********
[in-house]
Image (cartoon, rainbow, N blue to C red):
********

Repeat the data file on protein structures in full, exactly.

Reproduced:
[in-house]
Image (cartoon, rainbow, N blue to C red):